As discussed in Part 1 of this series, during an interview you must take responsibility for sharing all the best information you have that conveys you are the perfect fit for the job. Although the interviewer is asking the questions, you are providing the answers. How you do this dictates how much "ownership" you have in the process.
How to take ownership and use your checklist
In the interview, your goal is to get as many of the items on your checklist (discussed in Part 1) shared as possible. This requires some quick thinking during the interview. The different kinds of questions you are asked allow you to cover a lot of ground. Here are types of questions and how to answer, while leveraging your checklist along the way. Remember, as you cover each point on your checklist, be sure to check the box next to it. This way, you'll know what hasn't been covered toward the end of the interview.
The direct question
This is where the interviewer asks you a very specific question that you have a very specific example/answer from your checklist. A simple example of this question: "How much experience do you have in sales?" You should not only have those facts on your checklist, but also a few key achievements in this area.
The indirect or generic question
Some interviewers pose questions like "Tell me about yourself or your experiences." They do not want to hear where you grew up or what high school you attended. They want to hear examples of work and skills that pertain to the job. Use your checklist! If the interviewer really does want more on your personal background, they will probably ask a slightly more direct question in that direction.
Another generic question is, "Qhat is your favorite work experience or position held?" Again, your checklist has the answers -- you certainly listed some of your best work. The key to this type of question is to talk about experiences that are relevantto the job for which you are interviewing, not just anything that comes to mind.
The "classic" question
These are the ones that you know they are going to ask or you have heard many times in interviews. Examples include "Where do you see yourself in five years?" and "What is one of your pet peeves?" Even these questions can be links to your checklist. For these types of questions, don't be shy about practicing the answers with a friend first. The test is to see whether what you wanted to convey in your answer is what is perceived by your friend. Sometimes answers are so convoluted that the true essence of your answer is lost in a long-winded, multi-faceted answer.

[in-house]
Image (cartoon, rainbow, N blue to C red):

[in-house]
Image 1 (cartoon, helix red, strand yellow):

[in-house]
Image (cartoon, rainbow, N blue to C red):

One of my favorite classic questions is "Why should I hire you?" Instead of telling the interviewer why you want the job (which tells them little about why they should hire you), tell them more from your checklist, specifically: 1) your skill set; 2) your knowledge about the company, industry, processes they use, challenges they face, clients, and their learning curve; 3) your manageability (you are not a "problem child," but low-maintenance); 4) your value and their return-on-investment (you bring more to the table than they requested for the same salary); 5) your tendency to go above and beyond a job description (you work hard and contribute in unique ways).
Sometimes you'll be asked a direct question where you'll want to "bridge" to a secondary answer to the question. There are two scenarios to do this: 1) when you have a good answer, but also have a second answer that is on your checklist; and 2) when you have a weak answer, but have a related experience or skill that will improve the overall impression. Here are examples of both.
Question: "What is your experience in using Tool XYZ?"
"Strength to Strength" Bridged Answer: "I have used Tool XYZ for several years on five different projects and consider myself an expert user. During those projects, I also used Tool ABC, which I consider to be equally useful and sometimes faster to use."
"Weakness to Strength" Bridged Answer: "I have used Tool XYZ sparingly during the last year. Typically, I use Tool ABC for the same purpose and have found both easy to use. I'm sure I could become an expert in XYZ, too, if I were to use it as often in the future."
The key to bridging is that the two topics should be related somehow so there is a natural connection between the two items. Also, it is essential to answer your first part of the question concisely. If you take up too much time with the first part of the question, it's probably not wise to bridge to another time-consuming topic.
Controlling the flow of information
Another aspect of taking ownership of the interview is to control the flow of information. Good interviewers are trained to let interviewees talk and talk and talk. There's no harm in this as long as the right information is shared. How does one gauge this? It's essential to stop for clarification or watch your interviewer. While answering questions, see if they are taking notes or checking boxes on their list. As they say in sales, once you get your "yes," stop talking. You've done enough.
If there is no note taking, is your interviewer still paying attention or is he/she glassy eyed? If you're not sure if you've answered the question, then ask. Simply asking, "Does that answer your question?" or "Is that the kind of information you were looking for?" helps verify you are ready to move to the next question.
Keep in mind that many interviews are on a timetable. You only get so much time to answer questions. You want to answer as many as possible -- taking too much time with one can be a time waster.
Don't depend on your interviewer to cover your best reasons for being the ideal fit for the job. Prepare and use a checklist to make sure you own the interview and the flow of information.